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General News of Monday, 22 June 2020


‘We can’t go on rejecting experienced MPs like this’ – Majority Leader

Majority Leader in Parliament, Osei Kyei-Mensah-Bonsu Majority Leader in Parliament, Osei Kyei-Mensah-Bonsu

Majority Leader in parliament Osei Kyei-Mensah-Bonsu says parliamentary work will be affected by the loss of experienced parliamentarians in the just-ended New Patriotic Party parliamentary primary.

He stated that it takes years to build an experienced parliamentarian and for such people, including Ben Abdallah and Mike Assibey Yeboah to lose their primaries is a bad example for the country’s governance.

Ben Abdallah Banda, who is the Chairman of the Judiciary Committee and the Constitutional, Legal and Parliamentary Affairs Committee, lost his bid to retain the Offinso South seat for the New Patriotic Party.

Also, Dr Assibey-Yeboah who is the Chairman of the Finance Committee of Parliament and has been instrumental in his role lot his re-election bid in New Juaben South in the Eastern Region; shocking many people including the party General Secretary John Boadu.

“We can’t go on like this,” Mr Mensah-Bonsu told TV3 Ashanti Regional correspondent William Evans-Nkum Monday.

In his view, experienced members of parliament are required to help in transacting parliamentary business.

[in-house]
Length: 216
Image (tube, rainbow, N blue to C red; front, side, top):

“Building the capacity of a Member of Parliament is not a four-year matter; it is not even an eight-year matter. The axiom is that in parliament, the longer a person stays the better he becomes,” he argued.

When that is done, he said it positively affect governance.

Asked why the NPP did not protect such experienced parliamentarians considering their impact in parliament, the Suame MP said the constitution of the party made that impossible and that it will only take dialogue for such issues to be resolved.

“For now there are constitutional issues to contend with. It provides [after] every four-year tenure the party should provide for the participation of all who desire to be in parliament so in that regard it becomes difficult in the face of the constitutional provisions to prevent people from coming to contest,” he indicated.

Mr Mensah-Bonsu said it if upon dialogue “the person insists that he wants to be a part of the process of the selection of parliamentary candidates it becomes difficult to really push aside that person”.

The Saturday’s primary in over 100 constituencies saw 40 incumbent MPs losing their seats to newbies.

Among the MPs who lost their candidature are Frederick Opare Ansah, the Chairman of the Communications Committee, Collins Owusu Amankwaah, the Chairman of the Government Assurances Committee, William Quaittoo Agyapong, the Chairman of the Education Committee, and Alex Agyekum, the Chairman of the Youth and Sports Committee.

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